If anyone “gets” anesthephobia, I do. I don’t like my dog to enter into a controlled form of unconsciousness any more than you do. It’s somehow very stressful at a very raw, animal level: it’s unnatural and bizarre, if you think about it for too long.

But faced with two alternatives: my dog will suffer forty minutes of avoidable pain or my dog will receive fifteen minutes of anesthesia, I’d vote for the latter. Yet Saturday’s client did not agree with my personal and professional recommendations. He flat-out refused to have his dog undergo an anesthetic procedure. Here’s the story:

The patient: A seven-year-old, medium sized female dog of indeterminate, long-haired breed provenance.

The emergency: Attack by stray dog resulting in multiple puncture wounds, generalized  bruising and one large but shallow laceration on her back.

The negotiation: “She’s sore all over and the areas I’ll have to clean most thoroughly are especially painful. The laceration will require sutures for most effective closure and, in my opinion, local anesthesia will be more painful over that wide area than simply suturing with a small gauge needle. We’ll have to anesthetize her.”

The client’s answer: No dice. “She doesn’t need it. Remember—this was the dog that let you scale her teeth without anesthesia!” (He’s referring to a small amount of tartar I scaled off her canines once—not even at the gumline.)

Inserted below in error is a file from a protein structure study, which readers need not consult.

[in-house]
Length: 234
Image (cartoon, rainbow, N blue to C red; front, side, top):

The conclusion: There’s no arguing with certain people. I knew the battle was lost unless I absolutely demanded. Instead, I chose to warn him of the risks of inadequate wound cleansing and less-than-secure laceration repair. Some battles are not worth fighting. I decided to save up my energy for a disaster case.

Probable worst case scenario?: Monday I’d be anesthetizing her to clean and culture her wounds.

The procedure: A good all-over bath (she was most dirty) with special attention to the puncture wounds (mostly on her limbs and underside). A rough clipping over these areas of interest (multiple close shaves are out of the question without anesthesia), and the same over the laceration, leaving more length of hair for use in the repair. Copious flushing of the laceration site (“dilution is the solution to pollution”) and a gentle blow dry completed the ablutions.

The closure: Finally, repair of the site using two tiny, strategically placed sutures (for a four-inch length wound) and braiding of the hair over the wound to achieve closure. Next, a line of surgical glue to keep the braid in place and voilá—a tenuously repaired laceration. We’ll see if it holds.

The medication: Pain relievers (Rimadyl) and antibiotics (Penicillin) were administered at the outset, of course. More Rimadyl and some Clavamox were prescribed to go home with her. But none of those pesky medications with the word “anesthetic” in them were employed.

The price: Because it took more than twice as long to accomplish the task, the client was charged more than double what I might otherwise have charged with anesthesia (for what would have been a more effective procedure). At least this client had the good sense not to complain.